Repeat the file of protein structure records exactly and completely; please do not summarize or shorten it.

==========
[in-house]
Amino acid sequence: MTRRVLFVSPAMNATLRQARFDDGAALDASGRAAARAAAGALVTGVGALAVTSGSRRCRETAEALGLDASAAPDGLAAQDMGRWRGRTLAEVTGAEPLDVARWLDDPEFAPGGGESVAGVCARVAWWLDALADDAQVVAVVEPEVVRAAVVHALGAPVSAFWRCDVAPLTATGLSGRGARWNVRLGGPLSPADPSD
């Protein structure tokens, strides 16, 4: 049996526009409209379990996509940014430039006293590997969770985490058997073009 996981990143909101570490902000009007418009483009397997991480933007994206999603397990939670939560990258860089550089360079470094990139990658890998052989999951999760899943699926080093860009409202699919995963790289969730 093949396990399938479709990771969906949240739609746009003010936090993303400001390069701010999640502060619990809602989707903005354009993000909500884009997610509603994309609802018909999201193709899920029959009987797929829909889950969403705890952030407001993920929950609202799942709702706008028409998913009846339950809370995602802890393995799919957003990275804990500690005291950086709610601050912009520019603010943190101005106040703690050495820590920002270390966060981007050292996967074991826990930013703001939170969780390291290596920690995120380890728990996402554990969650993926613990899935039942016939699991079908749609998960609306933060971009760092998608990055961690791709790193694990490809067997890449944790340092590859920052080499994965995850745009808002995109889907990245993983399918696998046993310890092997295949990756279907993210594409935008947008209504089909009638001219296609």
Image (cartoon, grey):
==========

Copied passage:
[in-house]
Amino acid sequence: MTRRVLFVSPAMNATLRQARFDDGAALDASGRAAARAAAGALVTGVGALAVTSGSRRCRETAEALGLDASAAPDGLAAQDMGRWRGRTLAEVTGAEPLDVARWLDDPEFAPGGGESVAGVCARVAWWLDALADDAQVVAVVEPEVVRAAVVHALGAPVSAFWRCDVAPLTATGLSGRGARWNVRLGGPLSPADPSD
């Protein structure tokens, strides 16, 4: 049996526009409209379990996509940014430039006293590997969770985490058997073009 996981990143909101570490902000009007418009483009397997991480933007994206999603397990939670939560990258860089550089360079470094990139990658890998052989999951999760899943699926080093860009409202699919995963790289969730 093949396990399938479709990771969906949240739609746009003010936090993303400001390069701010999640502060619990809602989707903005354009993000909500884009997610509603994309609802018909999201193709899920029959009987797929829909889950969403705890952030407001993920929950609202799942709702706008028409998913009846339950809370995602802890393995799919957003990275804990500690005291950086709610601050912009520019603010943190101005106040703690050495820590920002270390966060981007050292996967074991826990930013703001939170969780390291290596920690995120380890728990996402554990969650993926613990899935039942016939699991079908749609998960609306933060971009760092998608990055961690791709790193694990490809067997890449944790340092590859920052080499994965995850745009808002995109889907990245993983399918696998046993310890092997295949990756279907993210594409935008947008209504089909009638001219296609």
Image (cartoon, grey):